In other words, I suggest continuously investing in improved quality practices within your teams. I personally believe that the old-fashioned ROI based view towards automation and savings is archaic and invalid.

SSQ: With self-directed teams and the merging of development and test functions, is there less need for QA managers or managers in general in Agile environments? If so, might this cause resistance amongst managers for an Agile adoption?

Galen: I certainly think part of the resistance of front-line managers towards Agile adoption is driven by feelings that their roles and jobs are at-risk. And I do think Agile transformation places pressure on leaders to adjust their styles and approaches. If they do adjust, becoming more of a coach and leader, then I think they’ll be secure and find a place of influence within their evolving organizations.

The problem surfaces with those who resist evolving. In those cases, I do think their traditional roles are at-risk.

SSQ: Do you think Agile adoption is more often driven by management or by developers? What are the biggest reasons for resistance from either group?

Galen: I think the move to adopt Agile is driven equally by both groups—often for quite different reasons. From the development or team side, I think the methods are compelling simply as a better and more humane way to develop software. Many of the techniques are not new, for example, pair-programming or an emphasis on unit testing, so the packaging of useful techniques and approaches simply makes sense to developers and teams.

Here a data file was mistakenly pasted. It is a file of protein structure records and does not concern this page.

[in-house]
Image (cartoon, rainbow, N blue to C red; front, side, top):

Often management views the methods initially as a silver bullet, focused on delivering more software, faster. And of course they can deliver more if you apply discipline and a quality focus within the team. But that is not the central focus. I think management is slowly gaining more enlightenment towards the value proposition of Agile beyond it being simply speed play.

Coming back to the notion of ‘resistance’ though, I think management teams do struggle with agility. In my experience, it’s truly hard for traditionally trained managers to empower and trust teams the way agility expects. Many give it a superficial effort, but fail to make the deep transition in their style because they largely feel threatened by letting go of ‘control.’

I read somewhere that the number one or two failure factors for Agile adoption is first-line management sabotaging the adoption—and that rings fairly true with my own experience. I’m not saying they’re directly malicious, but just so uncomfortable with the shift that truly transforming their style is really, really hard.

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Bob Galen is the author of the book Scrum Product Ownership – Balancing Value from the Inside Out. The book addresses the gap in guidance towards effective Agile product management.